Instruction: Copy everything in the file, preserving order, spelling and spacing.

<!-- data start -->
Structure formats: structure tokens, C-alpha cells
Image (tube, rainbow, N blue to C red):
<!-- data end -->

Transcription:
Structure formats: structure tokens, C-alpha cells
Image (tube, rainbow, N blue to C red):